Even GGGB's deep cuts could have made for a just-as-successful slate of radio-ready singles. "Push Up On Me" is a sexually suggestive come-hither tune that would've lit up any dance floor or "Song of Summer" debate. "Breakin’ Dishes," one of Rihanna’s all-time best creations, is a fiery break-up bop that has her dousing her cheating beau's clothes in bleach before setting them on fire and breaking out some marshmallows to roast, while threatening, "I don't know who you think I am/ but I don’t really give a damn right now."

"Say It," "Sell Me Candy," and "Lemme Get That" are fun, flirty mid-album anthems that evoke summer nights, young love, grinding on a new crush and double-dutching at the foot of your stoop. "Question Existing," a dirty bass slow burn, has Rihanna reading diary entries about the price of fame to her non-famous persona, Robyn Fenty. All of these songs combined showcase a singer who is, to evoke Britney Spears, not a girl, not yet a woman.

More than just acting as a hit factory, this era saw Rihanna embrace a new identity. In 2007, Rihanna tried on her "Bad Gal Riri" persona like a new pair of thigh-high boots in need of being worn in. This shift allowed Rihanna to compete in a changing musical landscape that was dominated by distinct personalities. The mid-2000s gave us landmark statement albums like Gwen Stefani’s Love. Angel. Music. Baby. and Fergie7;s The Dutchess. Rihanna never went the cartoonish route that Fergie and Stefani tracked (and which Lady Gaga and Nicki Minaj followed a few years later), but her bad-gal persona rang authentic. Rather than quirk, Rihanna embraced DGAF realness, an attitude that continued in subsequent albums like 2009's Rated R and 2010's Loud, all the way through 2016's Anti.

Compared to the raw and moody Anti, GGGB might seem naive and a little too polished, but it contains saplings that would flower later in Rihanna's career. GGGB remade her as a fashion icon and a brand. And, like the mega-smash "Work," GGGB saw Rihanna experiment with sounds that fused her Bajan origins with R&B and funk sans the awkward corniness — the "di di di di da da dey" pre-chrous of "If It's Lovin' That You Want" comes to mind — that marred her first two albums. Songs like "Disturbia" and "Question Existing" show that Rihanna was not afraid to embrace a sort of darkness that her later albums, especially Rated R and Anti, would wholly embrace.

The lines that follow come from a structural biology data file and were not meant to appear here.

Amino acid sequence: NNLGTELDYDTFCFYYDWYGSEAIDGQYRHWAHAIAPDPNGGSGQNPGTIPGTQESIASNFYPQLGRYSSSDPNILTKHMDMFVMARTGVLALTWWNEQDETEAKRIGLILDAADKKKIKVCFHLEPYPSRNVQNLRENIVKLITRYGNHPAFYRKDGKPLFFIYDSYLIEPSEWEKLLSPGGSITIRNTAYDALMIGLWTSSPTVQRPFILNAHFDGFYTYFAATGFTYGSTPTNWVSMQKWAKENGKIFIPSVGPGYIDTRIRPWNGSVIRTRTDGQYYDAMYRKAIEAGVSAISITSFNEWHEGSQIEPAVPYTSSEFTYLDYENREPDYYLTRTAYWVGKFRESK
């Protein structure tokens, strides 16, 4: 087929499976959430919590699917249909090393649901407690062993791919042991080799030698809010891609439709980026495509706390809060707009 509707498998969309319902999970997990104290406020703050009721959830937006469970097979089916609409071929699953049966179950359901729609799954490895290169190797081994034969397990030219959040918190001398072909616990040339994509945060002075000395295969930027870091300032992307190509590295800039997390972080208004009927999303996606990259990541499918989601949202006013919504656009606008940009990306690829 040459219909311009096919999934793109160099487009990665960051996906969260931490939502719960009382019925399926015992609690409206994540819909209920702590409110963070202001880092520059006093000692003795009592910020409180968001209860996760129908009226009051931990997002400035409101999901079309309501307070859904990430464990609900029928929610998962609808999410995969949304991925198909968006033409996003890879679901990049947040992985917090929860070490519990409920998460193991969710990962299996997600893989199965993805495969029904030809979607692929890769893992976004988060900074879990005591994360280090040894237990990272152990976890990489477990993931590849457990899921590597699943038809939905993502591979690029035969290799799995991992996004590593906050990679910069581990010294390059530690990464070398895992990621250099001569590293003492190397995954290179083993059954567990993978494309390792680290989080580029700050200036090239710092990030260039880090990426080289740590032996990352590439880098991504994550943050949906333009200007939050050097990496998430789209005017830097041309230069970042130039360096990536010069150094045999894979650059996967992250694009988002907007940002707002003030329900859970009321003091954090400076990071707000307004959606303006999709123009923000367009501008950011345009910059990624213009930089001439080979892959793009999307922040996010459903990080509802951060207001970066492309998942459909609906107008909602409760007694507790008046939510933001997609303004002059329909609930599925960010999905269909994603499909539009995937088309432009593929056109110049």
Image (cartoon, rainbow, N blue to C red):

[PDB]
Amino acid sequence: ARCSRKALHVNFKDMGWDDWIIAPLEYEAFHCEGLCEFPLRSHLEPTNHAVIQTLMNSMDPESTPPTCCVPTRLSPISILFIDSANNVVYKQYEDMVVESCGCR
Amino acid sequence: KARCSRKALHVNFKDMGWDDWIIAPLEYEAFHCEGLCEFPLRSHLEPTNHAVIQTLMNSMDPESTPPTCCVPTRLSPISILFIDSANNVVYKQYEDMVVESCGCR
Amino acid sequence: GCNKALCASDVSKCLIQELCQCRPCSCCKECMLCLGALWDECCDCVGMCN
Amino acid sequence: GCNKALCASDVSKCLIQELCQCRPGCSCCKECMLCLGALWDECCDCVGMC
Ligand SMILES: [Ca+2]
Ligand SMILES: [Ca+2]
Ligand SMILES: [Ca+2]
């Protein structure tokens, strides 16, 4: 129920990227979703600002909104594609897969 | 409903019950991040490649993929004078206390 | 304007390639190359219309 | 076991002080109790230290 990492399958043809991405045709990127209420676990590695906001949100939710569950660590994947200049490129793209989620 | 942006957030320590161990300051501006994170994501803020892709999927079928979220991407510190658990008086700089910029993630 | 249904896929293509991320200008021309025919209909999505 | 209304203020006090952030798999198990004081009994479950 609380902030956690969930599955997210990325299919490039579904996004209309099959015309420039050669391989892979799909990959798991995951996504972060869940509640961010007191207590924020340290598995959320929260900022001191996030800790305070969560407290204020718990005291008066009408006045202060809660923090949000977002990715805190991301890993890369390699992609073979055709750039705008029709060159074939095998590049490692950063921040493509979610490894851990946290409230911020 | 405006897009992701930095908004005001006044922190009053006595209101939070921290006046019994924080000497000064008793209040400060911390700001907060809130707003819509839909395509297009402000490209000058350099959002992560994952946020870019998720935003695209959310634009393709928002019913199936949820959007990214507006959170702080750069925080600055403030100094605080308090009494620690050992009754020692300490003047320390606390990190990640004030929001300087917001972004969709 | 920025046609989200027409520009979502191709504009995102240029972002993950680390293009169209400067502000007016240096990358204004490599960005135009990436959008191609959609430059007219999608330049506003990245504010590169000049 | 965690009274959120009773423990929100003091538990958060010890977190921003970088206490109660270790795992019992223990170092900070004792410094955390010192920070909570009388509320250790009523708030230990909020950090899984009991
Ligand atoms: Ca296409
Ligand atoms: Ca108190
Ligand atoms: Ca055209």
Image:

Rihanna closes the album with its titular track, which contains a warning to those listening:

Easy for a good girl to go bad
And once we’re gone
Best believe we’re gone forever

Luckily for us, Rihanna followed through on her threat. Good Girl Gone Bad was not so much a destination, but a bombastic ode to the journey there. Every hero needs her origin story, and GGGB acts as Rihanna’s. It celebrates the exciting and exhausting process of becoming someone new.

Read another way, the closing track's lyrics are a pledge that Rihanna will continue to evolve and challenge our assumptions about her. And if we learned anything from "Umbrella," it's that when Rihanna takes an oath, she's gonna stick it out 'til the end.